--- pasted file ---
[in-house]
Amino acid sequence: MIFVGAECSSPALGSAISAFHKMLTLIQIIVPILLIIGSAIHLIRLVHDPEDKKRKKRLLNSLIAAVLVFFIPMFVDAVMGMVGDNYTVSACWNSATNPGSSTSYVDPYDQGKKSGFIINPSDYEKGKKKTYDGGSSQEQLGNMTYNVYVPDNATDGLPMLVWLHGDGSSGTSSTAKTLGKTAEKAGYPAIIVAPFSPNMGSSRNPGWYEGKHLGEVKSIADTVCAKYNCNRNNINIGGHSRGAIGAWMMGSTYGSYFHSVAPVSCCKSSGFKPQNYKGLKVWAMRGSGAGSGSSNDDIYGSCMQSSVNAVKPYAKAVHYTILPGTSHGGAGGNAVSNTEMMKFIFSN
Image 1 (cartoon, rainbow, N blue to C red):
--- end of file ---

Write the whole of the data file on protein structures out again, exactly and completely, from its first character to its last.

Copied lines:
[in-house]
Amino acid sequence: MIFVGAECSSPALGSAISAFHKMLTLIQIIVPILLIIGSAIHLIRLVHDPEDKKRKKRLLNSLIAAVLVFFIPMFVDAVMGMVGDNYTVSACWNSATNPGSSTSYVDPYDQGKKSGFIINPSDYEKGKKKTYDGGSSQEQLGNMTYNVYVPDNATDGLPMLVWLHGDGSSGTSSTAKTLGKTAEKAGYPAIIVAPFSPNMGSSRNPGWYEGKHLGEVKSIADTVCAKYNCNRNNINIGGHSRGAIGAWMMGSTYGSYFHSVAPVSCCKSSGFKPQNYKGLKVWAMRGSGAGSGSSNDDIYGSCMQSSVNAVKPYAKAVHYTILPGTSHGGAGGNAVSNTEMMKFIFSN
Image 1 (cartoon, rainbow, N blue to C red):